Tourist ＆ Tourism by Encyclopedia of Tourism Chief Editor Jafar Jafari
人流 観光 ツーリズム ツーリスト
The term ‘tourist’ was invented as an extension of ‘tour’, which earlier had evolved to its modern sense of a trip for pleasure. While ‘tour’has long meant a circular trip, its modern sense – a pleasure trip – evolved only 270 years ago. Daniel Defoe`s book. A Tour Through The Whole Island of Grate Britain(1726), is an early sign of this modern meaning, and the book, an instant bestseller, helped promote it. Previously, motivations of travellers involved somber attitudes to scholarship, exploration, commerce and religion. As a pioneer of pleasure travel, Defoe retained interests in their subjects but imbued them with pleasure, which became extra motivation. Be cause of this new attitude he was regarded as slightly eccentric, certainly unusual. In Japan a near contemporary of Defoe, Basho, was another pioneer of pleasure travel; his book Narrow Road to the Deep North appeared in 1692. A generation after Defoe, the eccentricity became fashionable in Europe, for by 1745 the expression Grand Tour was widely used, referring to leisurely circuits of the Continent for high cultural purpose.
A Generation later, in the 1770s, Adam Smith formed an opinion that the cultural ideals had been sufficiently eroded by pleasurable priorities to justify a new word,’tourist’. Smith`s neologistic device,’tour-ist’,symbolised persons making a ritual of quick visits to cultural sites but spending most of their time seeking pleasure. Thus in its beginning, ‘tourist’ was pejorative. Today, while it still carries various senses of inferiority ( in form, style, class, standard, price, dependency and more) among many who use or hear it, those connotations are not universal.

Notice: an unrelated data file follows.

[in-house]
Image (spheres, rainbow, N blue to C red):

Currently three sets of meanings of tourist can be identified, each serving a particular context. The three are popular ideals, technical definitions and heuristic meanings. Failure to discriminate clearly among the sets can lead to confusion. Dictionaries report common popular meanings, but cannot report all in this set. Different persons use varied concepts and perspectives for distinguishing tourist, so that what constitutes a boundary between tourists and non-tourists cannot be specified in a manner that suits everybody.
Technical definitions are used for statistical data. An unambiguous statement allows everybody responsible for collecting, processing and using data to know what is included. Because popular ideas of tourist are diverse and subjective, official statistics cannot leave the demarcation to opinion. Widely followed technical definitions for ‘international tourist’ have changed over the years, but the following is a current version: For statistical purposes the term ‘international tourist’ describes any person vising a country other than that in which they have their usual residence, but outside their usual environment, for a period not exceeding 12 months and exercise of activity remunerated from within the country visited. International visitors include ‘tourists’ (overnight visitors) who stay at least one night in a collective or private accommodation in the country visited and ‘same-day visitors’. (World Tourism Organization 1997:3)
This definition is much broader than many popular ideals, for it counts as tourists those making trips for many purposes, including vacation, holiday, business, pilgrimage, conference, visiting relatives, study and so on. This scope should be heeded when interpreting statistical data. However, technical definitions are not authoritative prescription which must be adopted for the next, third context.